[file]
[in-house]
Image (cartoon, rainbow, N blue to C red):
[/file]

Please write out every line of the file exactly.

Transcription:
[in-house]
Image (cartoon, rainbow, N blue to C red):